AVX-512: When The Bits Really Count

For the majority of workloads, fiddling with assembly instructions isn’t worth it. The added complexity and code obfuscation generally outweigh the relatively modest gains. Mainly because compilers have become quite fantastic at generation code and because processors are just so much faster, it is hard to get a meaningful speedup by tweaking a small section of code. That changes when you introduce SIMD instructions and need to decode lots of bitsets fast. Intel’s fancy AVX-512 SIMD instructions can offer some meaningful performance gains with relatively low custom assembly.

Like many software engineers, [Daniel Lemire] had many bitsets (a range of ints/enums encoded into a binary number, each bit corresponding to a different integer or enum). Rather than checking if just a specific flag is present (a bitwise and), [Daniel] wanted to know all the flags in a given bitset. The easiest way would be to iterate through all of them like so:

while (word != 0) {
  result[i] = trailingzeroes(word);
  word = word & (word - 1);

The naive version of this look is very likely to have a branch misprediction, and either you or the compiler would speed it up by unrolling the loop. However, the AVX-512 instruction set on the latest Intel processors has some handy instructions just for this kind of thing. The instruction is vpcompressd and Intel provides a handy and memorable C/C++ function called _mm512_mask_compressstoreu_epi32.

The function generates an array of integers and you can use the infamous popcnt instruction to get the number of ones. Some early benchmark testing shows the AVX-512 version uses 45% fewer cycles. You might be wondering, doesn’t the processor downclock when wide 512-bite registers are used? Yes. But even with the downclocking, the SIMD version is still 33% faster. The code is up on Github if you want to try it yourself.

16 thoughts on “AVX-512: When The Bits Really Count

  1. Which is speaks against AVX.
    All that extra hardware just to get 33% speed increase in some obscure case.
    Vector units have been marketed as massive speed boost for many cases.
    With opening of GPUs for compute loads, they are becoming more and more obsolete, at least in mainstream machines.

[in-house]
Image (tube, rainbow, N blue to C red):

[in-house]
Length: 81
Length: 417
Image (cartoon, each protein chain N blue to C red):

1. my thought exactly. there are loads where that 33% would be worth something but they are so obscure. personally, if i’m going to sacrifice expressivitiy and portability, i would want more than 33%.

    2. SIMD in general can often result in 2 to 4x performance improvements. What you might be seeing here is that the non-AVX512 code is already autovectorized to some extent.

  2. Seems like a good excuse to keep the number of transistors on a chip growing exponentially for an extra while.
    In the mean time, the amount of useful work those extra transistors do seem to be logarithmic. and at some time you can on adding transistors without the thing being able to do more work.

    That said, PC’s are still getting faster.
    I bought parts for a new one at the end of last year, and for that did a bit of reading about AMD processors, and they’ve managed to squeeze a handful of percent of speed increase out of each new generation

    Recently they’ve also managed to exceed a passmark rating of 100.000.

    A bunch (10+ maybe ?) of years ago GPU processing became a significant performance boost.
    These days there are special accelerators for AI stuff.
    It seems that if you want to get a significant performance boost, you have to do something special, instead of the ever diminishing percentages of performance increments.

    Sometimes I wonder whether adding an extra (standardized) FPGA to a PC will be the way of the future.
    Or the quantum computers., they’re also steadily growing in capabilities.

    1. The problem with FPGAs is that you generally end up with thousands of transistors doing the work of one. Consider the simplest case: We build a 4-input NAND in the FPGA. On a chip that’d require 8 transistors.
      In an FPGA, you have a 16 bit shift register for the table, a 16-to-one-selector. I’d count close to 200 transistors (I’m probably seriously underestimating this: I haven’t done chip layout in like 30 years) and that’s being favorable by neglecting routing and input selection logic that exists in the FPGA.

      So… by the time you have your FPGA doing “excel” , you’re better off buying a general purpose CPU.

      My “computer architecture” group was doing research into configurable CPUs in the 1990s. Wouldn’t it be great that you can add extra integer performance when you need it? Or more multiply-add units? Yeah, that’d be great. However this way you can get a custom CPU at enormous upfront costs, while the scale of a general purpose CPU that also has the “extra integer performance” (and a bunch of other goodies that you don’t need) is much more economically sensible.